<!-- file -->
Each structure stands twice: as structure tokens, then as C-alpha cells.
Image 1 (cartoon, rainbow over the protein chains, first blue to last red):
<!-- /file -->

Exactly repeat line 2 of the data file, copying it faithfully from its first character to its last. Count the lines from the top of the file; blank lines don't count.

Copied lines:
Image 1 (cartoon, rainbow over the protein chains, first blue to last red):